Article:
Your Writing or Your Life
May 15, 2018 § 48 Comments
I spent two years writing an anonymous sex blog five days a week. I told people daily blogging was great for a writer, that if I missed a day, readers emailed ‘are you OK?’. It was the most consistently I have ever written in my life. It was 100% truth all the time, scorched-earth truth, and by the end of two years I wasn’t sure if I was doing risky, stupid things to have something to write about, or if I was writing this material as an excuse to do risky, stupid things. Either way I was compelled.
I survived. My marriage did not. My long-term affair didn’t, either. I quit blogging and started a memoir. I thought the moments of risk and danger and sheer, unadulterated crazy would make a great memoir, and the friend-writers I entrusted with my secrets believed that, too.
An agent shopped the book for a year. Editors liked the voice but hated the story or vice versa. I wondered if the agent wasn’t powerful enough to sell the book. At a conference, a noted writer was intrigued by my subject matter and asked to see the manuscript, so I thought I’d pick a couple pages for reading night.
I flipped through.
The book had been written in a haze of untreated depression and grey sadness soaked every page. No wonder it never sold. It sucked. Even I didn’t want to read it ever again. I definitely didn’t want to waste my “I’ll read your manuscript” favor on it.
In 2013, I was performing a one-woman show in Winnipeg, Manitoba. The show had been a hit ten years before—now I was giving away tickets to homeless people to get butts in seats. I drove home after shows thinking, Why not just twitch the wheel and go right off that bridge? and That tree looks solid enough.
I told my then-boyfriend I was pretty sure I was depressed, I hadn’t been to therapy in a few years, and I thought I should see a doctor.
He said, “I guess I’ll have to read online about it. When people say they’re ‘depressed’ I always think, Come on, pull your socks up!”
I said, “I am the world’s champion sock puller-upper and this is more than I can handle.”
It had taken fifteen years to (grudgingly, desperately) decide my creativity wasn’t worth my life, because I was more afraid of pills than I was of depression. More afraid I’d “flatten out” my feelings, be unable to access them on the page, than I was of my own death.
I’ve heard other people say that, too. What if I lose my highs? What if I can’t feel anything anymore? What if I medicate the art right out of myself? In a Facebook group, someone asks for a friend—anti-depressants have sapped her ability to write. Before I can formulate an answer that’s direct but kind, a qualified nurse responds: if so, it’s the wrong medication. Another writer chimes in: there’s probably a barrier that isn’t the pills, and that’s worth examining with a writing coach or in therapy.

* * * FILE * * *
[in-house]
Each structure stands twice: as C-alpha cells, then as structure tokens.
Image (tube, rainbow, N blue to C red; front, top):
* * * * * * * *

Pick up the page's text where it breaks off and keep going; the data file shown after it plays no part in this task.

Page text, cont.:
I got lucky. Wellbutrin was the right pill and it worked within a couple of weeks. I still cried at cute online videos. I still pulsed with joy at a student’s achievement, still wanted to have sex. I still wrote, still found scorched-earth truth. What changed was the edge of sorrow; the greasy black water of dread receded. Sadness was sadness instead of no-one will ever love you you are not worth loving. Anger was mental frustration and pain instead of my screaming, out-of-control body pulsing with fury.
I will probably take medication the rest of my life. After moving to a permanently sunny climate and marrying a man I adore, my career on track and writing going well, I tried tapering off. But fewer pills meant bursts of irrational rage, the dread licking at my feet again. My doctor asked, “Would you tell a diabetic they have a good life so it’s time to quit insulin?”
Depression and bipolar disorders poison us, make us think we can’t do anything and we have to do it all alone. That overdramatic nights and grey, dull days are survivable, other people have real problems. That medication is for the weak—mental illness should be overcome by force of will.
I owe it to my work to take my pills. I can’t speak for anyone else. The type of medication make a difference, and many people try several to find one that works. A supportive doctor makes a difference. Insurance and the accompanying peace of mind make a difference.
My mental health supports both my writing and the ability to share and sell my work. After being self-revelatory for years as a blogger and performer, I can tell my experience without embarrassment. This is not true for everyone. I’ve seen the shame barrier stop people from seeking out a doctor, or shopping around if the first doctor is unsupportive.
But if you’re on the edge of the dock with the dread licking your toes, take an inventory. How is this feeling helping your work? How is it hurting? If it’s been with you more than a year, positive thinking hasn’t fixed it. It might be time to try something else. Maybe it’s not a wall to break through but a burden to put down.
Maybe you can have your creativity and your life.
Allison K Williams is Brevity’s Social Media Editor. She’ll teach turning your personal life into a memoir people actually want to read at the Cedar Ridge Writers Series in New Jersey (NYC-area) June 10th.